Word of the Day : April 24, 2015


noun TYE-roh


: a beginner in learning : novice

Did You Know?

The word tyro is hardly a newcomer to Western language. It comes from the Latin tiro, which means "young soldier," "new recruit," or more generally, "novice." The word was sometimes spelled tyro as early as Medieval Latin, and can be spelled tyro or tiro in English (though tyro is the more common American spelling). Use of tyro in English has never been restricted to the original "young soldier" meaning of the Latin term. Writers in the 17th and 18th centuries wrote of tyros in various fields and occupations. Herman Melville used tyro to refer to men new to whaling and life at sea. The word is sometimes used attributively-that is, directly before another noun-as it has been since the 17th century, as in phrases like "tyro reporter" and "tyro actors."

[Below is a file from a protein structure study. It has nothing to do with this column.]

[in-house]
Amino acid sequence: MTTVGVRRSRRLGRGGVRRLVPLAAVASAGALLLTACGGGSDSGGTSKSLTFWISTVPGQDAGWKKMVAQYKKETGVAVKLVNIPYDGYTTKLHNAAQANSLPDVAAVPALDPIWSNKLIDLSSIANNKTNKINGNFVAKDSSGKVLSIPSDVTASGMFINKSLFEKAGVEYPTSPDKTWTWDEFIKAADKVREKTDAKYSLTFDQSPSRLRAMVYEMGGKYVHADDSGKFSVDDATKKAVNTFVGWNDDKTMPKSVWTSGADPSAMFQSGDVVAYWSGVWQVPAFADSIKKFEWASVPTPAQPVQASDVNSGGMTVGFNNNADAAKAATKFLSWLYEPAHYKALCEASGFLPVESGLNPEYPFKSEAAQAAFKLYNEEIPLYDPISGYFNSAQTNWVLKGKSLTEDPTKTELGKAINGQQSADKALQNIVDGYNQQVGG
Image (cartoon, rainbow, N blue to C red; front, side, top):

The ranch has one riding trail for tyros and several more challenging options for experienced riders.

"The young Falcons tyro is up for the challenge after missing the first two games of the season with an ankle injury he carried through pre-season." - Sunshine Coast Daily, March 25, 2015

Name That Synonym

Unscramble the letters to create a synonym of tyro: YOPTEENH. The answer is …


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